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IBM's spending spree adds up to a portfolio of goodies

With an aggressive strategy to expand its software portfolio and plenty of cash to spare, IBM bought its way into several vertical markets in 2004. The deals were advantageous for all parties involved and, for IBM, it certainly beat starting from scratch.

To survive this season of holiday-entertaining madness, there's a motto I live by. "Fake it, don't bake it."

I don't believe you should ever waste time making something from scratch when it's sold in aisle five at Stop & Shop. Add a few personal touches, and voila, people think you cared enough to spend hours on making the perfect dessert.

This is IBM's strategy, too. (Seriously, I know you're rolling your eyes at this analogist stretch, but it's true.) Why spend $20 million in R&D when you can buy the technology for $10 million, make a few adjustments, then call it your own?

They're sitting on a lot of cash and they're using it.
Charles King
principal analystPund-IT Research

This way of thinking resulted in several high-profile acquisitions for IBM in 2004 -- all major moves that have either put Big Blue into markets where it lacked presence or gave the company a technology that provided the missing link to an otherwise perfect product line.

The writing was on the wall when IBM announced last December it would restructure its $13.1 billion software business and divide its software group into 12 industry-specific segments, including retail, manufacturing, health care and financial services, and pump hundreds of millions of dollars into the initiative. The company was planning an all-out effort to expand its software portfolio. Since January, IBM has made more than a half-dozen acquisitions -- some major, some not -- but all of them have given the company a foothold into new markets.

"They're sitting on a lot of cash and they're using it," said Charles King, a principal analyst at Hayward, Calif.-based Pund-IT Research. IBM's goal is two-fold, he said. In buying major players in key markets, as well as key players in small markets, IBM is buying technology, but it's also taking competitors off the board.

"In some cases, IBM is buying companies for pennies on the dollar of what it would have cost to develop its own technology," he said. But probably more important, he said, is that because software is becoming the differentiator, IBM is buying time to market.

"You might be able to build it, but do you have the 12 to 24 months that it would take to bring to market?"

Here is a rundown of IBM's major acquisitions in 2004:

Trigo Technologies

In March, IBM acquired privately held Trigo Technologies Inc. , a supplier of data synchronization software that is used to streamline supply-chain operations. This purchase fills a gap in Big Blue's ever-expanding middleware portfolio. More importantly, this buy went a long way into proving IBM's commitment to vertical growth markets UCCnet and RFID. It also means better solutions for thousands of iSeries shops wading through UCCnet FUD (fear, uncertainty and doubt).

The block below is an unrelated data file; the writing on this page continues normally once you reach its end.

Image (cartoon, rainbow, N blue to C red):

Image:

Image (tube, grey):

Candle Corp.

Considered one of 2004's most significant moves, IBM in April purchased Candle Corp., a privately held company that specializes in data center management software.

This move rounded out IBM's products portfolio, which helps users manage on-demand operating environments and complements IBM's middleware solutions. Highly regarded among the mainframe community, the El Segundo, Calif.-based company brought more than 3,000 customers worldwide to the table, most of them running on the mainframe platform. An IBM partner since 1976, Candle has infrastructure management solutions that cover a wide range of hardware and software, including IBM's DB2, Lotus, Tivoli and WebSphere software, as well as the zSeries, Linux, Unix and Windows platforms. Candle is now part of IBM's Tivoli brand of products.


IBM and supply chain vendor Mapics expanded their relationship in July to target small and midsized businesses (SMBs) with products designed specifically to support the iSeries. Although a long-time IBM partner, the Georgia-based Mapics is new to the iSeries market. While the alliance provides a new set of enterprise resource planning, customer relationship management and supply chain capabilities to iSeries customers, it's another notch in IBM's belt, as it continues to push forward with its SMB offerings to undercut Microsoft's market share.


IBM also acquired in July, Alphablox, whose software enables users to embed analytics -- such as customer buying trends -- into existing business processes, and makes information available for easy, logical viewing. By acquiring Alphablox technology, IBM will be able to fill a gap in its data management offerings -- a front-end dashboard. The move further strengthens IBM's position in the business intelligence market, a key strategic priority for its data management efforts and its on-demand computing initiatives.

But not all acquisitions have smooth transitions or happy endings. In April, IBM bought the London-based Business Continuity Services unit of Schlumberger Ltd., and some of its 260 employees were rolled into IBM's global services division. The deal gives IBM 40 new recovery sites and an extra 10,000 seats in Europe. But IBM hit a snag part way into the deal when it encountered opposition from the Competition Authority, which blocked the purchase of the Irish arm of Schlumberger. IBM could have battled it out in court but figured it wasn't worth it.

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